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On to the fuel tank pickup. The in-tank pump needs to be removed completely because it can't handle the viscosity of diesel for a long period of time. Here is the stock pickup.

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There is good news for those of you that have this generation of Ranger. I removed the fuel pump so I'm left with a pickup line that is way too high up. All you need to do is get fuel rated hose (just like what the stock Ranger had connecting the fuel pump to the pickup line) and run it down to the level that the OEM pickup sock was. Now, if you just leave it at that, your rubber fuel line will curl eventually, as Jon from the YouTube channel BleepinJeep found out on his Cherokee build. I decided to take his original idea and try my own spin on it. I simply clamped the pickup hose to the return line next to it. If you do that, the hose will not be able to curl.

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The only other thing I did with the fuel system at this point is to remove the stock frame-mounted fuel filter since I will be installing an in line fuel filter/water separator from Nicktane. I have not yet installed a frame-mounted lift pump yet, but I have left provisions for it since I think eventually it would be nice for priming the high pressure pump. I have swapped out my stock injector nozzles for some Bosch style .764's. I have pop tested them to check for leaks and to give me a ballpark idea of what pressure's they're releasing at, and seeing the results, I will have to have Kerma calibrate them for me.
 

RamblerRyGuy

New Member
Joined
Sep 9, 2019
Messages
19
Reaction score
3
Points
3
Location
Ohio
Vehicle Year
1995
Make / Model
Ford Ranger
Engine Size
1.9 TDI
Transmission
Manual
2WD / 4WD
4WD
Total Lift
3 inch
Tire Size
33’s
My credo
Graduated one of the top in my class for automotive technology at Sinclair College, Ohio.
Pretty, shiny, newish turbo. Much better looking specimen than the original I had. Also this picture shows off the EGR blockoff plate on the manifold. I have since tapped that plate to accept my EGT probe.

6CE935FB-C783-4227-9F4F-1884A951B960 by Ryan Vincent, on Flickr

The whole unit on the ground all bolted together!

AC509110-D62E-4E13-8F6F-75ABA59B64EB by Ryan Vincent, on Flickr

I wanted to keep the whole HVAC box unmodified mainly from laziness, not out of necessity. The biggest problem I faced was the vacuum pump nipple clearance. If I had an ounce of forethought in this case, I would've cut that air box bolt off shorter before I set the engine in place for the last time. The small coolant line from the back of the engine was somewhat difficult to run once everything was set in stone as well. There's only so much I can think ahead.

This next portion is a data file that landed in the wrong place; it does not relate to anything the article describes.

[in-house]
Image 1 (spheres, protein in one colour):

(To anyone doing any sort of engine swap, study up and make a comprehensive list of everything you can think of in order to be completed.)

9759B20A-7104-4240-8059-366B208B3C20 by Ryan Vincent, on Flickr

Now to complete the charge air pipe mock-up. I removed the air funnel from the grill area to make room for my dual intercooler setup I have planned.

84E0BD75-C6F2-44D1-B44B-2AB567CB7BFC by Ryan Vincent, on Flickr

Up underneath the fiberglass grill and headlight valence I had to cut clearance for the intercoolers to fit.

3C11AE8A-49D7-4903-902A-7676C4036944 by Ryan Vincent, on Flickr

How everything looks with the grill set back in place.

D9022E6A-FC15-459E-88B8-A1380908101F by Ryan Vincent, on Flickr

Just a simple mount for the intercoolers. Nothing was simple about mocking these up or routing the charge piping. I like the setup because it was the right price and very available, but I wouldn't recommend that anyone do the same.

C31295EA-E570-450B-BE61-88C029F45FCB by Ryan Vincent, on Flickr

A look at the simple flaring technique that Honeybadger showed me in a video.

5FBF36DB-999B-460B-B1C5-9378A3FFC88C by Ryan Vincent, on Flickr

The process along the way. Cut, deburr, flare.

35A7224A-6808-46A7-803F-39255E3ED6A8 by Ryan Vincent, on Flickr

Finally, a little peak at the charge piping routing minus most of the hose clamps.

978FDADC-B96B-433C-931F-018DFB271390 by Ryan Vincent, on Flickr

E3AA6ADA-DEE7-42CE-8B96-3EA254450C48 by Ryan Vincent, on Flickr

EE97ECF4-9315-4BC7-938C-3FC6A7459371 by Ryan Vincent, on Flickr

E93715DF-21BC-4D33-9256-E393A1FA3182 by Ryan Vincent, on Flickr

I am the most proud of this part of the routing. It was incredibly difficult to get the last 90's in.
 

RamblerRyGuy

New Member
Joined
Sep 9, 2019
Messages
19
Reaction score
3
Points
3
Location
Ohio
Vehicle Year
1995
Make / Model
Ford Ranger
Engine Size
1.9 TDI
Transmission
Manual
2WD / 4WD
4WD
Total Lift
3 inch
Tire Size
33’s
My credo
Graduated one of the top in my class for automotive technology at Sinclair College, Ohio.
Having driven the truck for a while with this charge air cooling setup, I would definitely not recommend the setup I went with. I didn't really think ahead, but there is a lot of turbo lag for a few reasons. There is too much tubing length, way too many 90⁰ bends, and too many silicone couplers that will expand when the boost starts to build. I'd like to redo it with an air-to-water cooling system. Much easier to route and I figure I would only need two silicone couplers, and only two 90⁰ bends.

Oh well. Live and learn. It's part of the build process.